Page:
Will the fact that this film, intended to make our standing president appear buffoon-like and immoral, affect his ability to conduct business with other nations? Will a world who already thinks of us as the Great Satan be affected by seeing such a characterization of the man who leads our military and citizenry? Canwe afford this self-parasitic behavior? Only time will tell.

This was clearly intended to be far more than a biography. This full-feldged political advertisement, right before the election and during the most politcally charged weeks of the campaign season, is political calculation at its most blatant. Particularly well-calculated to lampoon one man's already assailed legacy, I have no doubt it will also serve as a distorted carnival mirror in the hands of those who seek to label candidates and their policies as mere reflections of the sitting president being destroyed via celuloid. And just in time to influence those undecided voters at ballot time.

Some will argue that this is the essence of the guaranteed right to freedom of speech. And it is. But it is just as clearly the well-calculated attempt to herd star-struck sheep. I have previously spoken out about the political maneuvering of Hollywood. (See 3/14/08, "A Possible Consequence of our Media Binge.) We build their storehouse of power and influence every time we buy a ticket and fill their pockets. Choose ye wisely.

Tuesday, July 29, 2008

Caught Lead-Footed!

I am a felon. Well, maybe not a gun-toting, bank-robbing, car-jacking felon, but I did get caught speeding evidently. Seems like such a thing should be fairly obvious--what with the flashing red lights, the frustrated officer and the ticket. But no! I was caught by one of those traffic cameras, and on my home from the temple, no less. How's that for feeling like a hypocrite?

There are evidently several of these cameras on Connecticut Avenue where the speed limit is 35 mph, regardless of what the flow of the traffic may lead you to believe. It was a fairly hefty fine too . . . but luckily no points. Judging from the traffic flow, Montgomery County may have the financial equivalent of Park Place and Boardwalk on that street alone!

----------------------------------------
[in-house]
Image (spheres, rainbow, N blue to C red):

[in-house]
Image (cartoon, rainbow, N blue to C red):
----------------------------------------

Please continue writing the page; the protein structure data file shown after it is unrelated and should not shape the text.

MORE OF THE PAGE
Fair enough. . . I deserve it. I have to say it has served as a deterrent to accidentally zipping along. I am far more conscious of my speedometer and I now notice these little camera-cops everywhere.

Big Brother is here, and I am currently in time-out!

Friday, July 25, 2008

On P&P

I have a dear friend, a faithful, valiant woman who has really had a tough three years supporting a loved one through a terrible health crisis. Innumerable offers have come for every possible help--lawn care, meals, errands, companionship at hospitals, rides, prayers, fasting. . .

There is one small, extra happiness she quietly loves. She, like me, loves Pride and Prejudice. One year, when she was recuperating from her own ailment, we watched the PBS long version. . . all six hours. Like two pre-teens squirreled away with a bowl of popcorn and a flick, we watched all six hours, breaking only to refill snack plates. We'd swoon over the brooding, pouty Mr. Darby and curse the societal moors that kept them apart. It didn't matter that we could nearly repeat the dialogue. It was still exciting, and for that six hours, we shoved the cares of the world away.

We're setting a new date to see that old charmer again. It's taken us months to pick a date that works for each of us. We're going to invite other P&P lovers as well, and have lots more snacks. These are times that call for a little bonding, a little laughter, a few tears that are guaranteed to be subdued at the end of the reel when the fated pair triumphs over their obstacles.

Everyone needs an extra little magic bullet. This is ours. Every couple of years. . .

Thursday, July 24, 2008

Recommended Reading